A number of years ago I read a novel titled The Hatbox Baby, by Carrie Brown. It was the story of a man who brought a premature infant to the Century of Progress (aka as the World’s Fair of 1933*) here in Chicago, where premature babies were displayed in incubators as an exhibit alongside freak shows, “ethnographic villages,” and the titilating gyrations of fan dancer Sally Rand. I no longer remember any details about the plot,** but the image of the incubator babies on display stuck with me. All of which is to say that I was eager to read Dawn Raffel’s newly released The Strange Case of Dr. Couney: How a Mysterious European Showman Saved Thousands of American Babies.
I was not disappointed. The story that Raffel unfolds is far more complex than I had any reason to hope, and absolutely fascinating. The enigmatic Dr. Couney himself stands at the heart of the story: the immigrant who reinvented himself multiple times, the showman who put premature babies on display for public entertainment, the unrecognized visionary who pioneered American neonatology. Raffel’s search to understand Dr. Couney and his past takes the reader on a merry-go-round of past and present, placing the story of her research alongside Couney’s own story.*** In the course of unraveling Couney’s story, she introduces the reader to the history of neonatal medicine and the complex politics behind “World’s Fairs.” She describes the common fate of premature infants in the early twentieth century who were not lucky enough to find their way to Couney’s incubators, and interviews some of the now elderly infants whom Dr. Couney saved.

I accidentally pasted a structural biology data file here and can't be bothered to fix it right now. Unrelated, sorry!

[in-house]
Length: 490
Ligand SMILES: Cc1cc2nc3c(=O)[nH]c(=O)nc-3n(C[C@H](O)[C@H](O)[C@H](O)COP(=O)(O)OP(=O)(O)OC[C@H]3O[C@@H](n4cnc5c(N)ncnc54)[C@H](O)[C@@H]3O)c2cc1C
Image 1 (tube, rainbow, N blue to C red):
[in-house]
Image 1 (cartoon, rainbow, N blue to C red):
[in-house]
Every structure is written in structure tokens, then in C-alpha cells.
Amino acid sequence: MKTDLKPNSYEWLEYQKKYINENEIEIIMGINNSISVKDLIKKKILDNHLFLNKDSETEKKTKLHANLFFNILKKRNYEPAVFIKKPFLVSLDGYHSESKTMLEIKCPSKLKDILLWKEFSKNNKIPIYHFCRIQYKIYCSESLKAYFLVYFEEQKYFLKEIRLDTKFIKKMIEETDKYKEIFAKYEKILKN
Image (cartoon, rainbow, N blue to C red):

The Strange Case of Dr. Couney is an excellent read, particularly if you’re interested in early twentieth century popular culture, the places where science and history intersect, or the stories of flamboyant, slightly shady showmen.
If you want to know more about the book and its author, join the Nonfiction Fans Group over on Facebook, where Dawn Raffel will be answering questions about the book and her research starting on Monday.
*Not to be confused with the Columbian Exposition of 1893, the setting for Erik Larsen’s The Devil in the White City. Which I have not yet read.
**Not a criticism of Brown’s work. I enjoyed the book enough that I immediately read everything else Brown had written.
***A narrative style I find particularly appealing.